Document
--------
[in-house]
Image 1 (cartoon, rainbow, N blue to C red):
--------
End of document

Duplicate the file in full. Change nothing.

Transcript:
[in-house]
Image 1 (cartoon, rainbow, N blue to C red):